Scarlett Johansson - "Falling Down" (Anyway I Lay My Head)
As a public persona, ScarJo is a pouting cipher, a forbiddingly expressionless white screen on which her counterparts can project their fantasies. This provides a steady stream of work in cinema and a stunning variety of reactions from the audience. And yet, that void can be a difficult thing to maintain, as the conflicting interpretations pile up and the ego swells.
And so, with a crushing sense of inevitability, ScarJo line-extends her brand, using her massive, massive budget to bulk up on the safest nerd cred available (TV On the Radio’s Dave Sitek produces; the core material consists of Tom Waits covers; members of the Yeah Yeah Yeahs and the Celebration appear; David Bowie chimes in… JT LeRoy must’ve been on vacation) and creating a sweeping, shoegaze-y aesthetic, an unremarkably appropriate landscape of epic emptiness. This results in a golden-throat record mired in stylish alt-ambient mediocrity. The arrangements are too lush, and the songs are too innately powerful, to facilitate cathartic schadenfreude. There’s nothing terribly wrong with the record – it’s offensive only insofar as it is profoundly inessential.
Anywhere I Lay My Head falters on Johansson’s vocals, or lack of a distinctive voice. The sullen detachment that can be so captivating as a set of behaviors doesn’t do anything as a tonality alone – it telegraphs all of the clumsiness and none of the alluring unavailability. Waits is both an obvious choice for critic-approved inspiration and a much more challenging dance partner than, say, Sofia Coppola – ScarJo gets a courage badge for covering someone with such piercing charisma. But she adds nothing to the songs save for an awkwardly throaty delivery reminiscent of Nico’s, a wavering pitch and a sense of unfocused ambition.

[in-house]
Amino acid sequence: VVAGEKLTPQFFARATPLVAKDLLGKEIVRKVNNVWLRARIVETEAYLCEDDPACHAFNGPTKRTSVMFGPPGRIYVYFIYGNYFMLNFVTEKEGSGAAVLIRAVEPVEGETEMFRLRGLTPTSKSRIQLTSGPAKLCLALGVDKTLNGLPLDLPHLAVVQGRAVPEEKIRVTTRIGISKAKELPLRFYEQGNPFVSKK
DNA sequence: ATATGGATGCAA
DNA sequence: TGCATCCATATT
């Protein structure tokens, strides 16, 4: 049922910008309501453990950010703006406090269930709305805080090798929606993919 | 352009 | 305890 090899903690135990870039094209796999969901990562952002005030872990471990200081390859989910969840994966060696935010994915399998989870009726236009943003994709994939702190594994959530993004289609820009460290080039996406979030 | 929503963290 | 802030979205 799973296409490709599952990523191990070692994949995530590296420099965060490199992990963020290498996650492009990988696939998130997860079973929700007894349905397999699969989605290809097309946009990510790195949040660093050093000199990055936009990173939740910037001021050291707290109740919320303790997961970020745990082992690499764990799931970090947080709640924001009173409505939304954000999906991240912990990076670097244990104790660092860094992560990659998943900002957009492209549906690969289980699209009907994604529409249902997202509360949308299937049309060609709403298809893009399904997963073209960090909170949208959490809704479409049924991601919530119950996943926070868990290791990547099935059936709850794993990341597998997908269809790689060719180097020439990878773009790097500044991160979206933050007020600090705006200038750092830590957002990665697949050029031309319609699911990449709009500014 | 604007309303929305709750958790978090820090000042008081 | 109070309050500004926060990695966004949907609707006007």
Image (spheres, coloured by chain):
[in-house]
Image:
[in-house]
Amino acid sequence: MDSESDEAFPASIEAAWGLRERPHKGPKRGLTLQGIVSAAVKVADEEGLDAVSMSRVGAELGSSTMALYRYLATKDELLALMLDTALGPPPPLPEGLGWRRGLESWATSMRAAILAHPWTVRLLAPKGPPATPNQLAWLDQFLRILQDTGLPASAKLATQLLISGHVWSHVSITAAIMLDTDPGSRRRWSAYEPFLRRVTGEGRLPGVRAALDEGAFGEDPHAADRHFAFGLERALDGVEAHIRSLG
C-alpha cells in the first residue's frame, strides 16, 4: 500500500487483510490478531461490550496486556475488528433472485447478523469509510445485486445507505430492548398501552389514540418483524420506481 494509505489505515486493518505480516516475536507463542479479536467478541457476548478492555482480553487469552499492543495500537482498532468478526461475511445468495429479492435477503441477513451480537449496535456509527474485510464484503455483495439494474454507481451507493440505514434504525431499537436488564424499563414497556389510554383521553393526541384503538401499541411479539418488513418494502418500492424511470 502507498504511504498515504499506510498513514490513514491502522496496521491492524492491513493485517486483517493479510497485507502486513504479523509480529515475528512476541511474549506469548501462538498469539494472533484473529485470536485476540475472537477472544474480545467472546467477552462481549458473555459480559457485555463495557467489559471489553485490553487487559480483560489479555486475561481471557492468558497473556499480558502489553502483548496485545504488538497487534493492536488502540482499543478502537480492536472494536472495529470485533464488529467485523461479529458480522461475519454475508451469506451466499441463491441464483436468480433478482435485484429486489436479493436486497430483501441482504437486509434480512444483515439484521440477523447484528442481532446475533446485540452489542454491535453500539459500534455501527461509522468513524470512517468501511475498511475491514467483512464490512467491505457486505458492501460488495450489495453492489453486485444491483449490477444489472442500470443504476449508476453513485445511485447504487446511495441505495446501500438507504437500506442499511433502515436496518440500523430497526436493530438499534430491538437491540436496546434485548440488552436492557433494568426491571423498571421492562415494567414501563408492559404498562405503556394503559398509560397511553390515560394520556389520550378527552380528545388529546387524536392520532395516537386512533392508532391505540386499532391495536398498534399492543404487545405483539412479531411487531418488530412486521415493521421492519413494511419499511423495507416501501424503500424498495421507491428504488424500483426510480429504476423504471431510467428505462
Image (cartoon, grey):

Johansson’s anti-charisma doesn’t translate to the audio medium. At all. Not in an exciting way, not in an offensive way, and not in a funny way. The star hires the most reliable names in the business to protect her from shame, and they succeed – the dented anthems and the waves of noise are a sufficient distraction from the emptiness at the center. If the record was inspired by hubris, there’s nothing particularly engaging about that hubris, and it’s antithetical to everything that makes Johansson’s career run. Lacking the smug absurdity of a William Shatner or the childish abandon of a Juliette Lewis, she throws the most elaborate, star-studded party of the year and seems to be the only one who’s not into it. The cheese cubes are beautifully arranged, but for entertainment, she offers little more than Tom Waits karaoke as Ulrich Schnauss might conceive it. Like the star, the record is state-of-the-art pretty and, at its core, surprisingly boring.
More than any movie-star record, Anywhere I Lay My Head resembles Britney Spears’ brilliantly produced, eerily vacant Blackout. However, while Spears is frightening for myriad reasons, the scariest thing about ScarJo is that she might not have anything worthwhile to hide.